The saga of Whole Foods Market, Inc. (NASDAQ:WFM) has been rather unexpected, to be honest. For many years, I believed WFM to be the category killer for organic food. WFM had everything going for it: brand name, decent footprint, secular tailwinds and solid financials.
Then something happened that I really did not expect, and it blew my conception about WFM out of the water.
The thing about category killers is that they are massive one-stop shops for what are effectively commodities. Home Depot Inc (NYSE:HD) wiped out the local hardware store because it carries everything at lower prices, which it can obtain via economies of scale.
WFM, however, is not quite the same concept. At first, and up until recently, it was moving in that direction by opening de novo stores and by rolling up small organic grocery stores. The key point, however, is that WFM was not selling commoditized products. It was selling specialized products, which meant it was building itself into the primary supplier of those products — organic and “responsible” food.
WFM Stock Stumbles
However, in the past couple of years, everyone has gotten into the organics game. Grocers of every stripe, Wal-Mart Stores, Inc. (NYSE:WMT), and even the dollar stores started selling organics.
Originally, I thought that this would not present any real competition to WFM. My faulty assumption was that the Whole Foods shopper was loyal to Whole Foods, and had no reason to shop anywhere else. WFM patrons fit a certain upscale demographic.
Where I went wrong was that organics have effectively become commoditized. You can find organic chicken and meat and vegetable and fruit in just about any large grocery store. It doesn’t matter if it is “lower quality” organic or not compared to WFM. The point is that labeling something “organic” is evidence enough to the general consumer.
With organics now commoditized, the Whole Foods shopper no longer has loyalty, as we would expect of a commodity business. Thus, consumers have bailed on the substantially higher prices of Whole Foods and deign to visit the regular grocery stores more often. The result has led to lower same-store sales, and other struggles for WFM stock.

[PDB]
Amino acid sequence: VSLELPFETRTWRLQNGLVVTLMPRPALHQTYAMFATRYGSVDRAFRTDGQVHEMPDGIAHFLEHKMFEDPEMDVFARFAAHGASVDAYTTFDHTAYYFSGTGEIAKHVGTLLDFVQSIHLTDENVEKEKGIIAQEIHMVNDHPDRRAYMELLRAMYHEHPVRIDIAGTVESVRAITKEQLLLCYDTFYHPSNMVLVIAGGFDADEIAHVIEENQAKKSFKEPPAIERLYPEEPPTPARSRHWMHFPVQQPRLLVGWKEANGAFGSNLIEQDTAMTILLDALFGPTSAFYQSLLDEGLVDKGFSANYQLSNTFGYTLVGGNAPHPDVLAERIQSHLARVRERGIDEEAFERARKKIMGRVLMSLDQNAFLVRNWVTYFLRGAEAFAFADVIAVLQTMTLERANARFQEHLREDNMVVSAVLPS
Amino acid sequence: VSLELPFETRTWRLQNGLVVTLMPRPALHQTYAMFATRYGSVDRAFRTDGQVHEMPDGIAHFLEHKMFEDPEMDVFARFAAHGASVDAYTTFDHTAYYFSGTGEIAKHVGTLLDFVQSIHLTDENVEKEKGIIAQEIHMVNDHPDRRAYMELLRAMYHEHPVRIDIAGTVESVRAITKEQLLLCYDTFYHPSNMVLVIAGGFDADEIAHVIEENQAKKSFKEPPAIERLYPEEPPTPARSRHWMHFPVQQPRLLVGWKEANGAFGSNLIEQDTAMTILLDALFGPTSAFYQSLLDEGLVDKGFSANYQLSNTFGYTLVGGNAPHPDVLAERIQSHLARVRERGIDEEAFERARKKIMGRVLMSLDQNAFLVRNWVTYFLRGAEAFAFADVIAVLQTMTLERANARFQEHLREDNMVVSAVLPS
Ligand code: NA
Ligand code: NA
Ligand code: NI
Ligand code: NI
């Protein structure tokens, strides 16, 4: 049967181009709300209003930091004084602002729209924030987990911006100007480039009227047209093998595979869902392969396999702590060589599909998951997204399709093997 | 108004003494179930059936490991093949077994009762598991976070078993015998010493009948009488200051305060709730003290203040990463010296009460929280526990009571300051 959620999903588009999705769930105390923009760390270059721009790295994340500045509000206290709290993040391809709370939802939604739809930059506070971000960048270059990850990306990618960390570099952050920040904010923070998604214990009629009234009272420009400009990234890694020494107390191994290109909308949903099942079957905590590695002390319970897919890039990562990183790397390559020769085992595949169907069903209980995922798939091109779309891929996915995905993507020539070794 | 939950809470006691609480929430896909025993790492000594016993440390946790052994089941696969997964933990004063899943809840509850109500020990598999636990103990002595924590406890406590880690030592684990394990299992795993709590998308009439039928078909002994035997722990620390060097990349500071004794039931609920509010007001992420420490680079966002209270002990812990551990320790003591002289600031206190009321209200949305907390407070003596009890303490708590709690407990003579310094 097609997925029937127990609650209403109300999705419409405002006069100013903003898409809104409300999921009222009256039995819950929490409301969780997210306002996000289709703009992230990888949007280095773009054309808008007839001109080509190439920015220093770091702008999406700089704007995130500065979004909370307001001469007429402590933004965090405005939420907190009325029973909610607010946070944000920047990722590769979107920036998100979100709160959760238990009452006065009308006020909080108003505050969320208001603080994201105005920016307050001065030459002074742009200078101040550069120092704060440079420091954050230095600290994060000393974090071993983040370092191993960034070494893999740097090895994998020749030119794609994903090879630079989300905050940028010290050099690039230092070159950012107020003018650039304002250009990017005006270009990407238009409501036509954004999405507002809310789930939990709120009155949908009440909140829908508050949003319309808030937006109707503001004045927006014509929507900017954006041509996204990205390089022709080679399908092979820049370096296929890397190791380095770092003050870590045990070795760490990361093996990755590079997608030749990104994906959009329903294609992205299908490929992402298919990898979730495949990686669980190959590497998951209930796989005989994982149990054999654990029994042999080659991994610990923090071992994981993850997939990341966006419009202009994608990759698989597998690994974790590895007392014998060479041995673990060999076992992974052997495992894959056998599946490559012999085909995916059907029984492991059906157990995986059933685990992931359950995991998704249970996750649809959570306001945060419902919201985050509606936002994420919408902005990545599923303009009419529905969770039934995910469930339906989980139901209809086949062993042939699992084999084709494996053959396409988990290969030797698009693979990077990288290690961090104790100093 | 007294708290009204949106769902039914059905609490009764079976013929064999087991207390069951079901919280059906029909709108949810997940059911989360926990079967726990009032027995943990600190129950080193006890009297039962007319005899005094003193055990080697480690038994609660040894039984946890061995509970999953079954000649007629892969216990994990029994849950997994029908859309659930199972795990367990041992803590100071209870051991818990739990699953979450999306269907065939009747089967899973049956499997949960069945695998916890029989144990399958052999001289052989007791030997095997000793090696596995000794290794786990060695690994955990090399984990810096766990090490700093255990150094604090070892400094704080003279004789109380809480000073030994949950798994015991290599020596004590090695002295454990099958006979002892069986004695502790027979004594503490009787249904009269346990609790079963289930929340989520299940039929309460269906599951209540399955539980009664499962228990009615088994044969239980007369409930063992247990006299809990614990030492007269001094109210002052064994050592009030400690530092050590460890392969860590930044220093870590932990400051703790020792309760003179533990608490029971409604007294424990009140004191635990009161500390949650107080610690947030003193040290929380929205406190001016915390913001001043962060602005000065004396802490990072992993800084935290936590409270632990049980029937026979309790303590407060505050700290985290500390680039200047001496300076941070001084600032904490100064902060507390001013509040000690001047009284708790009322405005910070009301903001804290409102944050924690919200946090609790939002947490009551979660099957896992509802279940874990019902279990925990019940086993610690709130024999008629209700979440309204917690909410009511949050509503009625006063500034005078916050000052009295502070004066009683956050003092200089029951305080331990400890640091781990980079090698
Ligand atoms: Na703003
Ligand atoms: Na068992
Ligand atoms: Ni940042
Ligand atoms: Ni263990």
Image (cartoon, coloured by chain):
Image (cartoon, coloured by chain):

Costs have also gotten more painful for Whole Foods stock. Even though revenue rose almost 11% from fiscal year 2014 to FY16, operating income fell from $934 million to $857 million, a nearly 300-basis-point drop in gross margins. Net income fell from $579 million to $507 million, with margins declining almost 200 bps.
The good news is that both operating and free cash flow have remained relatively unchanged, at about $1.1 billion and $800 million, respectively. However, the company raised a billion dollars in debt in early 2016, for the worst of all possible reasons: to repurchase shares. I hate this. I absolutely hate it.
Instead of figuring out how to grow the business and find traction, Whole Foods is buying WFM stock that is trading at 19.7x FY16 earnings while net income is stagnant or falling. WFM thus goes from a company with no long-term debt to one with a billion dollars in debt, paying 5% interest and stealing about 10% of profits to service debt.
That’s why I don’t think you should invest in Whole Foods stock. It’s no longer an investment with a clear, long-term vision provided by management.
So you trade it. If you look at the one-year chart, you’ll see WFM stock has been in a trading range between $28 and $35. I would say to buy it under $30 and flip it above $33 to be safe. For more aggressive traders, you could short it above $33 and cover under $30. In both cases, however, set a 5%-7% stop loss.
Lawrence Meyers is the CEO of PDL Capital, and manager of the forthcoming Liberty Portfolio stock newsletter. As of this writing, has no position in any stock mentioned. He has 22 years’ experience in the stock market, and has written more than 1,600 articles on investing. Lawrence Meyers can be reached at TheLibertyPortfolio@gmail.com.